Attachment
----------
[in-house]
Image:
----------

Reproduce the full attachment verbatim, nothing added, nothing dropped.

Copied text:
[in-house]
Image: